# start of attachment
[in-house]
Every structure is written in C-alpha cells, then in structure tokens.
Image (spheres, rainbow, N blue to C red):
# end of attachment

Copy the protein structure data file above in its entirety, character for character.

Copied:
[in-house]
Every structure is written in C-alpha cells, then in structure tokens.
Image (spheres, rainbow, N blue to C red):